With August and September being patriotic months for Malaysians, here are some places to go for a nice day out.
The months of August and September are patriotic months for Malaysians. On 31 August, Malaysians will be celebrating Merdeka Day and Malaysia Day on 16 September.
If you don’t want to twiddle your thumbs at home, here are some places you can revisit to get into the Merdeka spirit.
1. Tugu Negara and Taman Tugu | Kuala Lumpur
Tugu Negara, also known as the National Monument, was built in memory of the fallen soldiers in World War 1, World War 2, and the Emergency who helped defend and shape the future of Malaysia.
The bronze sculpture features a soldier holding up the Jalur Gemilang while being flanked by other soldiers wielding weapons.
Close by the National Monument is Taman Tugu, where you can go for a hike and bask in nature.
2. Independence Obelisk Stone | Melaka
Why are we looking at a rock? The Independence Obelisk Stone in Melaka has nothing to do with the Illuminati.
The obelisk acts as a marker of the spot where HG Hamment, the last British Resident commissioner of Melaka, handed over the instrument of independence of the state’s first governor, Tun Leong Yew Koh on 31 August 1957.
The letter ‘M’ in the centre of an 11-pointed star on the memorial stands for Merdeka.
3. Proclamation of Independence Memorial | Melaka
The Proclamation of Independence Memorial in Padang Pahlawan, Melaka, was established in 1912 and used to house the Malacca Club, a social centre for the British during British Malaya.
The memorial was set up and officiated by former Prime Minister Tunku Abdul Rahman on 31 August 1985.
The two-storey Dutch colonial mansion is now home to a treasure trove of history showing the early days of Malaysia’s independence to modern development today.
4. Sultan Abdul Samad Building | Kuala Lumpur
The Sultan Abdul Samad building was named after the Sultan of Selangor at the time. People usually admire the building for its architecture as it features Western, gothic, and Moorish styles.
It used to house the Ministry of Information and Malaysia’s superior courts – the Federal Court of Malaysia, the Court of Appeals, and the High Court of Malaya.
It’s also where the British Union Jack was lowered when Malaya’s independence was proclaimed in 1957.
If admiring architecture isn’t your thing, you can always opt to take Instagram-worthy pictures of the building’s façade. It looks better at night. The building is also near cafes and restaurants.
5. Islamic Arts Museum | Kuala Lumpur
The Islamic Arts Museum is known as Southeast Asia’s largest Islamic museum. The museum houses various galleries from Quranic manuscripts to coin collections. The museum is also known for its collection of ancient Islamic glassware.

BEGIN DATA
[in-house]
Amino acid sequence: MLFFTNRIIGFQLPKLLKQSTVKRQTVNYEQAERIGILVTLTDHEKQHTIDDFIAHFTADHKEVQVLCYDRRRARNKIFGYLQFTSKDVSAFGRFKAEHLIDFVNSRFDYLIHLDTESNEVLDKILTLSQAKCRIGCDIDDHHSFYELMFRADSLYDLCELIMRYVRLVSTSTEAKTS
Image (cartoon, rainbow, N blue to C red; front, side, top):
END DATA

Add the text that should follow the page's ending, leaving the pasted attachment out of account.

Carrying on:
6. Bank Negara Malaysia Museum and Art Gallery | Kuala Lumpur
The Bank Negara Malaysia Museum and Art Gallery is where you can learn about Malaysian finance history and also admire artworks.
It’s interesting to see how the design of our currency changed over the years and the features of our Ringgit notes.
There’s also a Children’s Gallery which is packed with hands-on games and activities based on the idea of “Save, Spend, and Share.”
Visitors also go to the museum to take stylistic pictures, especially at the spiral staircase and the Ringgit tunnel.
7. Petronas Towers | Kuala Lumpur
Your “Merdeka” trip in the city isn’t complete if you did not stop by the tallest twin skyscrapers in the world. Here, you can take in the view of the city from the Observation Deck on the 86th floor and the Skybridge. There’s also a mini museum/display area showing how the idea to build the tower came to be.
8. Army Museum/ Muzium Tentera Darat | Port Dickson
Muzium Tentera Darat in Port Dickson is the largest army museum in Malaysia. It’s filled with artefacts and historical replicas from the Portuguese settlement until Malaya achieved its independence. Visitors get to learn about the sacrifices made by our nation’s soldiers like when they rescued American soldiers at the Battle of Mogadishu, which later became the basis of the Hollywood movie “Black Hawk Down.”
9. Pasir Salak Historical Complex | Perak
Pasir Salak is famous for being the place where JWW Birch, a British colonial official, was assassinated in 1875. He was killed on 2 November 1875 by followers of a local Malay chief, Maharaja Lela. The assassination led to the outbreak of the Perak War and the extension of British political influence over the Malay Peninsula.
While the “uprising” didn’t pan out, it made a mark in history.
The main attraction at the historical complex is the Time Tunnel housed in a traditional Malay building. The Time Tunnel features dioramas depicting important events in the history of the Malays and Malaysia beginning with the early settlement of Kuala Selingsing in 200BC.
10. Galeria Perdana | Langkawi
Personal opinions about the legendary statesman aside, the former prime minister Tun Dr Mahathir Mohamad has an illustrious career.
Galeria Perdana is akin to a museum of Mahathir’s lifelong career in politics as it features the gifts he received over the years. The exhibits include an impressive array of musical instruments, artworks, plaques and even automobiles.
None of these places suit your fancy?
Worry not. Malaysia still has plenty of beautiful attractions and places to see.
Maybe plan a foodie road trip with family or friends to appreciate the beauty of our country and everything it has to offer. Cuti-cuti Malaysia can be done anywhere, anytime!